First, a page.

If you are not required to file an income tax return or other return for the tax year, file Form 8621 directly with the Internal Revenue Service Center, Ogden, UT 84201-0201.

Definitions and Special Rules

Passive Foreign Investment Company (PFIC)

A foreign corporation is a PFIC if it meets either the income or asset test described below.

  1. Income test. 75% or more of the corporation's gross income for its taxable year is passive income (as defined in section 1297(b)).

  2. Asset test. At least 50% of the average percentage of assets (determined under section 1297(e)) held by the foreign corporation during the taxable year are assets that produce passive income or that are held for the production of passive income.

Basis for measuring assets.   When determining PFIC status using the asset test, a foreign corporation may use adjusted basis if:
  1. The corporation is not publicly traded for the taxable year and

  2. The corporation is (a) a controlled foreign corporation within the meaning of section 957 (CFC) or (b) makes an election to use adjusted basis.

  Publicly traded corporations must use fair market value when determining PFIC status using the asset test.

Look-thru rule.   When determining if a foreign corporation that owns at least 25% (by value) of another corporation is a PFIC, the foreign corporation is treated as if it held a proportionate share of the assets and received directly its proportionate share of the income of the 25%-or-more owned corporation.

CFC overlap rule.   A 10% U.S. shareholder (defined in section 951(b)) that includes in income its pro rata share of subpart F income for stock of a CFC that is also a PFIC generally will not be subject to the PFIC provisions for the same stock during the qualified portion of the shareholder's holding period of the stock in the PFIC. This exception does not apply to option holders. For more information, see section 1297(d).


The attribution rules of section 1298(a)(2)(B) will continue to apply even if the foreign corporation is not treated as a PFIC with respect to the shareholder under section 1297(d).

Qualified Electing Fund (QEF) Election

A PFIC is a QEF if a U.S. person who is a direct or indirect shareholder of the PFIC elects (under section 1295) to treat the PFIC as a QEF. See the instructions for Election A later for information on making this election.

Tax Consequences for Shareholders of a QEF

  • A shareholder of a QEF must annually include in gross income as ordinary income its pro rata share of the ordinary earnings and as long-term capital gain its pro rata share of the net capital gain of the QEF.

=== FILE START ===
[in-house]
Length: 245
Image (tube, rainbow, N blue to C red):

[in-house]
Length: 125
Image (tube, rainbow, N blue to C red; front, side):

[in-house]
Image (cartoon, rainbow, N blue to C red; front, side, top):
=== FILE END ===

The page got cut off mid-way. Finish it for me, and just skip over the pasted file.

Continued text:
• The shareholder may elect to extend the time for payment of tax on its share of the undistributed earnings of the QEF (Election B) until the QEF election is terminated.

  • If the QEF election is not made with respect to the first year of the shareholder’s holding period in the PFIC, the shareholder may be able to make a deemed sale election (Election D) or deemed dividend election (Election E) (if eligible). If the shareholder properly makes a deemed sale election or deemed dividend election in connection with its QEF election, then the PFIC will become a pedigreed QEF (as defined in Regulation section 1.1291-9(j)(2)(ii)) with respect to the shareholder.


A shareholder that receives a distribution from an unpedigreed QEF (defined in Regulations section 1.1291-9(j)(2)(iii)) is also subject to the rules applicable to a shareholder of a section 1291 fund (see below).

Basis adjustments.   A shareholder's basis in the stock of a QEF is increased by the earnings included in gross income and decreased by a distribution from the QEF to the extent of previously taxed amounts.

Section 1291 Fund

A PFIC is a section 1291 fund if:

  1. The shareholder did not elect to treat the PFIC as a QEF or make a mark-to-market election with respect to the PFIC or

  2. The PFIC is an unpedigreed QEF (as defined in Regulations section 1.1291-9(j)(2)(iii)).

Tax Consequences for Shareholders of a Section 1291 Fund

Shareholders of a section 1291 fund are subject to special rules when they receive an excess distribution (defined below) from, or recognize gain on the sale or disposition of the stock of, a section 1291 fund. A distribution may be partly or wholly an excess distribution. The entire amount of gain from the disposition of a section 1291 fund is treated as an excess distribution.